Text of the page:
Oil prices gave up a chunk of the previous session's gains to trade near $87 a barrel Wednesday as investor fears over the U.S. economy emerged despite the fairly easy re-election of President Barack Obama.
By early afternoon in Europe, benchmark crude for December delivery was down $1.40 to $87.31 a barrel in electronic trading on the New York Mercantile Exchange. The contract rose $3.06, or 3.5 percent, to finish at $88.71 in New York.
Domestic economic matters, not least over budgetary matters, will dominate the agenda of Obama, who won re-election earlier. An earlier rebound in stock markets ground to a halt as investors worried over Obama's ability to push through a much-needed budget deal with a divided Congress. Failure to reach a resolution would trigger spending cuts and tax increases — the so-called fiscal cliff — that could push the U.S. economy back into recession.
A survey from the U.S. Energy Information Administration also highlighted the headwinds the world's largest economy still faces.
The EIA reckons that U.S. benchmark crude oil prices will be almost 5 percent lower in 2013 than previously forecast because of the sluggish economy. However, it said U.S. daily oil production is projected to rise 8.2 percent from 2012 and the highest since 1993.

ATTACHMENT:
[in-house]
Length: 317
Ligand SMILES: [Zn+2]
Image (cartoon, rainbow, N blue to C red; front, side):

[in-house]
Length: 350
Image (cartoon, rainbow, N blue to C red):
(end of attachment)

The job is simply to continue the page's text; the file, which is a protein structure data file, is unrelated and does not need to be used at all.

For its part, the European Union cut its growth expectations for 2012 and 2013, saying the 27-country region would contract by 0.3 percent this year and grow by only 0.4 percent next year. Previously, the EU Commission was expecting flat economic growth this year and 1.3 percent growth in 2013.
A vote in Greece on austerity measures later Wednesday, needed to be approved to access bailout funds, was also weighing on markets.
Brent crude, which is used to price international varieties of oil, was down $1.14 to $109.93 on the ICE Futures exchange in London.
Other energy futures rose in New York trading:
— Wholesale gasoline fell 3.11 cents to $2.6678 a gallon.
— Heating oil lost 2.36 cents to $3.0293 a gallon.
— Natural gas fell 2.9 cents $3.588 per 1,000 cubic feet.
Pamela Sampson in Bangkok and Sarah DiLorenzo in Brussels contributed to this report.